When the Winona County Sheriff's Office gets a call from a concerned homeowner about a rattlesnake, dispatchers don’t send out a deputy. Rather, they issue an alert to a group of about 10 volunteers who are trained and certified to handle snakes.
Steve Winter is one of those rattlesnake responders. He's a certified wildlife biologist in Winona, Minn., who knows the first instinct of many people is to kill a rattlesnake. In fact it was long encouraged in Minnesota, where there was a bounty on the timber rattler until 1989.
"I'm aware of how persecuted rattlesnakes are throughout their range in North America," Winter said — which is a big part of the reason why he volunteers for the Minnesota Department of Natural Resources to try to save them.
Unlike many people who fear or even loathe rattlesnakes, Winter admires them.
“I care about them,” he said. “I don’t want rattlesnakes to be lost to history."
The timber rattlesnake is listed as a threatened species in Minnesota. That means it's illegal to kill one, or even handle it, unless like Winter you have a permit from the DNR.
He signed up about five years ago to respond to calls from people around the Winona area concerned about rattlesnakes. So far this year, he's captured two snakes from near people's homes. He had to crawl under a deck to retrieve one of them.
His tools are large tongs he uses to hold the snake firmly without injuring it, and a snake hook his dad fashioned for him that’s fastened to the end of a golf club handle.
He maneuvers the snakes into a bag the size of a pillowcase, ties it shut, and then relocates them to areas nearby where the DNR has permission from landowners to release them.
In a video he took of a release earlier this month, the snake rattles loudly after it slithers out of the bag, before disappearing into some tall grass.
Winter has never had a rattler strike at him. "The vast majority of the snakes I work with are pretty even-tempered individuals,” he said. “That’s one of the nice things about interacting with the public — they get the opportunity to see that."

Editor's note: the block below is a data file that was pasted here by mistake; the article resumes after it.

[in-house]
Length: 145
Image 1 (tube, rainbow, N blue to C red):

So far this summer, the Winona County Sheriff's Office has gotten about 15 snake calls. About half turned out to be rattlers.
That's about the same number as past years, although there was a spike in calls earlier this month when temperatures soared.
That’s to be expected, said Jaime Edwards, manager of the Whitewater Wildlife Management Area, about a half hour outside Winona.
"Normally the snakes are up in the bluffs or in the forest foraging,” she said. “When it gets super hot, particularly on the south and west facing slopes, it's too hot for snakes, and so they'll move down off the bluffs into cooler areas."
But she said the rainy weather has also kept them out of the river bottomlands.
"And so, they're kind of stuck in this middle area, which tends to be where people's homes are," she said.
Edwards is a former nongame wildlife specialist for the Minnesota DNR who helped start the snake responder program.
She said the limited research available suggests that snakes need to be relocated nearby, within a mile of their existing den, or they likely won’t survive.
“We're trying to give them a chance of survival, but also trying to appease the homeowners that have concerns about having them around their property,” Edwards said.
The DNR and local officials will be holding a public meeting 7 p.m. Monday at Holzinger Lodge in Winona for people with questions or concerns about their rattlesnake neighbors.
The fact that rattlesnakes are protected is controversial among some people, Edwards said. They are venomous, after all, so many people wonder why they can't be killed.
The Winona County Sheriff’s Office emphasizes that rattlers see people as predators, not food. Bites are rare, and usually occur when someone tries to handle a snake.
“If you encounter a rattlesnake while you're out and about, the best thing to do is to leave it alone, and it will leave you alone,” the office said in a recent Facebook post.
But most people who have built their homes in snake country realize the rattlers were there first, said Winter.
"They’re accepting of the fact that they live in a rattlesnake neighborhood, and they’re just very happy that there’s a network of volunteers available to come and remove the snakes from their yard," he said.